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Research has shown that even this introductory level of mindfulness practice can increase the cell volume of the anterior cingulate cortex (the brain structure that focuses our attention) and other associated brain structures.
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That makes sense; the more we use any structures of the cortex, the more they can grow new cells.
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Studies show that violinists who have mastered rapid fingering in the left hand have greater cell volume in the area of the motor cortex responsible for that dexterity.
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Taxi drivers in London, who are required to memorize the city’s many circuitous streets and alleyways and then use that information day after day, show a measurable increase in the volume of the area of the brain responsible for directional orientation.
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In the same way that working out our muscles at the gym actually builds them, focusing our attention strengthens the structures that our brain uses to focus that attention.
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This helps us see clearly what’s going on and then see our choices about what to do about what’s going on.
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Research also shows that mindfulness practices, even at this introductory level, increase the volume of the insula and improve its function of interoception — awareness of what’s going on in the body.
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Better interoception strengthens our capacities for self-attunement, self-awareness, and self-empathy: it helps us track how physically comfortable, how emotionally nourished, and how relationally supported we feel.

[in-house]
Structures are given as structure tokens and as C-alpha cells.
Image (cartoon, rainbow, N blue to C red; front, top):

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This in turn increase the confidence in ourselves that increase resilience.
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We can strengthen the structures in the brain that help us become more present, engaged, and confident in our lives, simply by paying attention to our breathing.”
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Let us ponder—- Who is the happiest person we know

  
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Observe the happiest person you know.
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Why are they “Happy”?
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Explore their temperament, their attitude, their resilience, their energy level, their confidence.
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How do others view them, talk about them?
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What is their outlook?
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Do they worry? Are they fearful, timid?
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Do they avoid life?
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See if they spend their waking hours in the present moment or in the past.
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What traits can you copy, develop?
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Choices: do we grasp the negative or let it go for this moment?

  
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“I have noticed that people are dealing too much with the negative, with what is wrong. …
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Why not try the other way,
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to look into the patient
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and see positive things,
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to just touch those things
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and make them bloom?”
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Thich Nhat Hanh
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What fires together wires together.
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Where we place our attention grows, where we withdrawl attention fades and dies.
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Water happiness, giving, compassion and kindness.